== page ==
After two straight days of yard work, my husband and I decided our bodies weren’t quite sore enough and we’d go for a day hike on Memorial Day. The weather was glorious – high 80’s, bright sunshine and piercingly blue sky. As we had not climbed Bear Mountain for many years, we decided to take a trip up to the northwest corner of Connecticut and give it a go. Our previous visits had been with our two kids when they were younger, and according to the notes in our hiking book, it took us 3.5 hours to do the hike with them.*
Bear Mountain is located in Mt. Riga State Park and, at 2,326 feet, is the highest summit in CT and the most prominent peak of the southern Taconic Mountains. Part of the Appalachian Trail passes over the summit of Bear Mt., from which the meeting point of Massachusetts, Connecticut and New York can be viewed, with MA’s Mount Everett to the north and NY’s Catskills to the west. There are a few ways of getting to the summit. We chose the Under Mountain Trail, one of the more challenging hikes in the area with a round trip of 6.7 miles. For the first bit of a mile off the parking lot, the trail is a consistent steep climb, often used by more experienced hikers to practice and improve their speed. After that, the Paradise Lane Trail veers off to the right and levels off, going along the base of the mountain, past fern groves, bogs and blueberry patches.
Fern Grove on the Paradise Lane Trail
Before veering to the left, this trail merges with the Appalachian Trail and presents a very steep, Class 1 “rock scramble” directly up the northern side of the mountain. While climbing the northern face (and, believe me, I wasn’t scrambling), I tried to imagine having a 50 or 60 lb. pack on my back, as through climbers on the AT do. Personally, no thanks.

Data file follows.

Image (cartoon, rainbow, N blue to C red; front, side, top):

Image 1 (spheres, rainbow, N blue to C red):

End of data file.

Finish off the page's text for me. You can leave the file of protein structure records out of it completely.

Joining up with the Appalachian Trail
On the summit is a rock pile (originally a pyramid) upon which you can take in the panoramic views of neighboring mountains and lakes while eating lunch and enjoying some well-deserved rest. The original stone pyramid was built on the peak in 1885 by Robbins Battell of Norfolk, CT, who was convinced that the Encyclopaedia Britannica was wrong in stating that there was no point in CT over 1,000 feet above sea level and proved it by having the Litchfield Hills surveyed. Lesson learned? Never take any source as the absolute truth, even such a credible one as the Encyclopaedia Britannica – always question and seek the truth, even if it means hauling a ton of rocks up on top of the mountain to remind everyone you were right after all.
On the summit overlooking the Twin Lakes
Going down the south side presented a more gradual descent, eventually splitting the AT with the trail back to the parking lot. Next time, I think we’ll stay on the AT a bit farther and go over Lion’s Head, a neighboring peak with spectacular views as well, which is approximately an 11 miles hike. After the two days of hauling mulch, weeding & planting gardens, and cutting shrubs, 6.7 miles was plenty and a very nice way to spend a holiday.
*Just in case you are wondering, it took us 4 hours this time around. That's what an extra 17 years will do to you, not to mention the few in there spent as parents of teenagers.